Content delivery. If you or a colleague will be speaking on camera, consider adopting the journalistic approach: lead with the headline. In other words, say the most important information upfront. You may be tempted to introduce yourself. Consider placing that information in the copy that accompanies your video and instead get right down to business and state what's most important first.

As you scale your small business marketing, take a look at these 4 ways to use marketing automation to grow your business.

Leverage personalization to retain and attract community and customers

Have you noticed that with the onslaught of video-everything, things may seem a little more impersonal? In fact, the sheer volume of video calls, online masterclasses, video messages, and social media can create a feeling of distance and disconnect. It takes effort to be intentional about doing what the technology is actually meant to do: create a human connection.

How can you use video so that it feels more personal? Personalized video is a fantastic way to move the needle on your conversion or engagement goals. 

Speak to one. The most effective speakers know this to be true: even when you stand before a crowd of thousands to speak, for best results, speak to one. Successful marketers understand this too. If you're attempting to use your content to speak to millions, you won't win. This requires that you know your audience so well that you have them personified in your mind and more than likely, on paper. Speak to her, and believe me, the millions like her will follow.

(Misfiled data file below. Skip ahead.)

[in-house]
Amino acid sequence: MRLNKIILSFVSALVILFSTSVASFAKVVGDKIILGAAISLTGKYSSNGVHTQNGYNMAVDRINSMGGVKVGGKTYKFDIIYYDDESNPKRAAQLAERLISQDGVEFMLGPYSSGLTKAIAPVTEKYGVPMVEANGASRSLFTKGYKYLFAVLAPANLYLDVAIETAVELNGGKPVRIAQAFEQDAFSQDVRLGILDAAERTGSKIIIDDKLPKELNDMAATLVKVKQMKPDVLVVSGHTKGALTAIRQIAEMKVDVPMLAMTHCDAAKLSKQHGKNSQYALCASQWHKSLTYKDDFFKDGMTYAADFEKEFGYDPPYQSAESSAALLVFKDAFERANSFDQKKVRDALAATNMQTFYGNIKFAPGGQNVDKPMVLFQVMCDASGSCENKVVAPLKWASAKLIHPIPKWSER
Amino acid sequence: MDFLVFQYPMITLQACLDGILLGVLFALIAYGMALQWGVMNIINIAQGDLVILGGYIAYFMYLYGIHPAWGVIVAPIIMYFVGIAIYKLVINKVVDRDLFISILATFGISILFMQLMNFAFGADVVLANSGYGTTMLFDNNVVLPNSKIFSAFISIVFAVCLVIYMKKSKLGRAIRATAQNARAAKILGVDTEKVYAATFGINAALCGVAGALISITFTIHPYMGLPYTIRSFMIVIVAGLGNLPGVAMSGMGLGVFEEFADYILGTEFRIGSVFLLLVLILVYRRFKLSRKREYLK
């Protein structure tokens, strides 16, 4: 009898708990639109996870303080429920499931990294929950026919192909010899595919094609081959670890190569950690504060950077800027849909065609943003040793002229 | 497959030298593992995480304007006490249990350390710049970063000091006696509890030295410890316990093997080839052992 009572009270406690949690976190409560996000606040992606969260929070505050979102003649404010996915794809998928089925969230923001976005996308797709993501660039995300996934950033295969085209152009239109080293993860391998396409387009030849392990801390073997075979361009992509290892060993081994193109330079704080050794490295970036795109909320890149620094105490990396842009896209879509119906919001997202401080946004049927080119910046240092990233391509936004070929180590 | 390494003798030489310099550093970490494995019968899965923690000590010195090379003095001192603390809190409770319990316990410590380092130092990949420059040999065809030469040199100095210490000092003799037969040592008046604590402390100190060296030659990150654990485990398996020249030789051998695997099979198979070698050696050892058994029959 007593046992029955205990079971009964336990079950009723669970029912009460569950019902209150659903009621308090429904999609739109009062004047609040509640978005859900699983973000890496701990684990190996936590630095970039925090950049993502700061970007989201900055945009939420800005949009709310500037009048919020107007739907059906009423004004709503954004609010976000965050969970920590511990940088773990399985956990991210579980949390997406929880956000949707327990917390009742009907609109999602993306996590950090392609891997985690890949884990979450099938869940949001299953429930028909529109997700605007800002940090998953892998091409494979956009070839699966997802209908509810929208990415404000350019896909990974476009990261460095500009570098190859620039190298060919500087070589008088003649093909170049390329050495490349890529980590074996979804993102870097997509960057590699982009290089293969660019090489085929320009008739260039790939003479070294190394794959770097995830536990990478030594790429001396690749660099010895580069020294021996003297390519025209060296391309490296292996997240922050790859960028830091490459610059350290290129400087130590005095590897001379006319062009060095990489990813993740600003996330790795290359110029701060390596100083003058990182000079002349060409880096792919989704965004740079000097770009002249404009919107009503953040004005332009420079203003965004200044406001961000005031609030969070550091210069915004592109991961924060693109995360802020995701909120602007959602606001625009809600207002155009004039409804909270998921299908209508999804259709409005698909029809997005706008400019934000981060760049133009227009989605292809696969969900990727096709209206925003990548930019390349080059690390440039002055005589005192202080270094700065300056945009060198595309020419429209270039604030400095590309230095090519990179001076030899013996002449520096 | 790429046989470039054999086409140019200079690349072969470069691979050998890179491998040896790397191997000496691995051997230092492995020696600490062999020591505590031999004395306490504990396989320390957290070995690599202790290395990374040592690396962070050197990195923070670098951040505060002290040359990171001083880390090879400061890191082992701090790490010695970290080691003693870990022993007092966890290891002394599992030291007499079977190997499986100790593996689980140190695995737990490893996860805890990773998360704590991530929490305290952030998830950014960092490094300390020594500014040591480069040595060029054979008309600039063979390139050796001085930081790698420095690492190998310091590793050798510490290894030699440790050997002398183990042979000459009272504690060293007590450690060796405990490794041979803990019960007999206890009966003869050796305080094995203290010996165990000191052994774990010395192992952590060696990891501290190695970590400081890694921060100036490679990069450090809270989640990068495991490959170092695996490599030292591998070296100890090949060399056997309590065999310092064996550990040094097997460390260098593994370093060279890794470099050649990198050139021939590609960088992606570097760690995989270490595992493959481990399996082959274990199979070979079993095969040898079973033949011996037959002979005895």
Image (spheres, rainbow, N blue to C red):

Even on a video call, do the prep work: who is it that you're attempting to persuade on the call? Speak to their pain points as you deliver value. This also works wonders on social media for attracting followers and creating brand loyalty.

Say their name. Some video is more personal simply because of the channels on which it's delivered. Email, text, and direct messages on platforms like social media, Slack, or Yammer all lend themselves to direct communications that are personal. When you have the opportunity to personalize video sent across any of these mediums, you'd be amazed at the surprise and delight that people have when the message contains a video of you speaking directly to them by name and within their own business context.

I leverage one of the new video CRM platforms, Bonjoro, and noticed that when I speak to each of my customers or clients by name—and speak to their anecdotal experience with my product or service—my conversion rates increased by 10%. My subsequent click and open rates to my emails soared, and that means more revenue.

Now, how will you leverage video technology to lead in this brave new world? 

Download my #3MinuteRead on how to lead with it and other technology in the fractured digital economy here.

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L. Michelle Smith, M.S. ACC picture

L. Michelle Smith, M.S. ACC

L. Michelle Smith is the CEO/founder of no silos communications llc, a media and consulting company that blends leadership development and strategic communications to develop high-performing, women executive leaders. She also advises the Fortune 500 companies those women aspire to lead.